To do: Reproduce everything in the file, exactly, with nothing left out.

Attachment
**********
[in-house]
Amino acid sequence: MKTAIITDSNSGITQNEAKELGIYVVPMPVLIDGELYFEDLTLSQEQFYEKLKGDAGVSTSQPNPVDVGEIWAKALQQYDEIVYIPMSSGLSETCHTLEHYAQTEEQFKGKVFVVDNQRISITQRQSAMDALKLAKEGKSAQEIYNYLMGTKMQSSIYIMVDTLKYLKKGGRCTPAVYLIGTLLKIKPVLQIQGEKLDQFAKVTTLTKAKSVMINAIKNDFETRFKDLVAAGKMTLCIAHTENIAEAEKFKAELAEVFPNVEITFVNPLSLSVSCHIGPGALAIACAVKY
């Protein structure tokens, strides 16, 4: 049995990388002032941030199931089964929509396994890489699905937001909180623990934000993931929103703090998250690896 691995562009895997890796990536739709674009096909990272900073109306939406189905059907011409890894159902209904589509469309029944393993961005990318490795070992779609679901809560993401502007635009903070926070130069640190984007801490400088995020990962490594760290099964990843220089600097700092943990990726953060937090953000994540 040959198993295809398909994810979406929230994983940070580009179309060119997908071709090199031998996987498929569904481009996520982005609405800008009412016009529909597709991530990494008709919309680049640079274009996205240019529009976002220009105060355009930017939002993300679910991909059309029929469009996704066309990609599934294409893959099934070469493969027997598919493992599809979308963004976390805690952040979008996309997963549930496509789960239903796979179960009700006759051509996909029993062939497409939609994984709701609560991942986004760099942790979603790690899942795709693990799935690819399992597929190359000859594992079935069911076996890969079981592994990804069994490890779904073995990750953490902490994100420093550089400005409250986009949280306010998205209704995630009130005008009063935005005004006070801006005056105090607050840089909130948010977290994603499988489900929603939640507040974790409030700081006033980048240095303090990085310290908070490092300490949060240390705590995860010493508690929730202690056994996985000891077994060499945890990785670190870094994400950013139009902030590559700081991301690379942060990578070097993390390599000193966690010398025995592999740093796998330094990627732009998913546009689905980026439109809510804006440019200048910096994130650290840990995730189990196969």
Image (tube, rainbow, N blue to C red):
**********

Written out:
[in-house]
Amino acid sequence: MKTAIITDSNSGITQNEAKELGIYVVPMPVLIDGELYFEDLTLSQEQFYEKLKGDAGVSTSQPNPVDVGEIWAKALQQYDEIVYIPMSSGLSETCHTLEHYAQTEEQFKGKVFVVDNQRISITQRQSAMDALKLAKEGKSAQEIYNYLMGTKMQSSIYIMVDTLKYLKKGGRCTPAVYLIGTLLKIKPVLQIQGEKLDQFAKVTTLTKAKSVMINAIKNDFETRFKDLVAAGKMTLCIAHTENIAEAEKFKAELAEVFPNVEITFVNPLSLSVSCHIGPGALAIACAVKY
């Protein structure tokens, strides 16, 4: 049995990388002032941030199931089964929509396994890489699905937001909180623990934000993931929103703090998250690896 691995562009895997890796990536739709674009096909990272900073109306939406189905059907011409890894159902209904589509469309029944393993961005990318490795070992779609679901809560993401502007635009903070926070130069640190984007801490400088995020990962490594760290099964990843220089600097700092943990990726953060937090953000994540 040959198993295809398909994810979406929230994983940070580009179309060119997908071709090199031998996987498929569904481009996520982005609405800008009412016009529909597709991530990494008709919309680049640079274009996205240019529009976002220009105060355009930017939002993300679910991909059309029929469009996704066309990609599934294409893959099934070469493969027997598919493992599809979308963004976390805690952040979008996309997963549930496509789960239903796979179960009700006759051509996909029993062939497409939609994984709701609560991942986004760099942790979603790690899942795709693990799935690819399992597929190359000859594992079935069911076996890969079981592994990804069994490890779904073995990750953490902490994100420093550089400005409250986009949280306010998205209704995630009130005008009063935005005004006070801006005056105090607050840089909130948010977290994603499988489900929603939640507040974790409030700081006033980048240095303090990085310290908070490092300490949060240390705590995860010493508690929730202690056994996985000891077994060499945890990785670190870094994400950013139009902030590559700081991301690379942060990578070097993390390599000193966690010398025995592999740093796998330094990627732009998913546009689905980026439109809510804006440019200048910096994130650290840990995730189990196969």
Image (tube, rainbow, N blue to C red):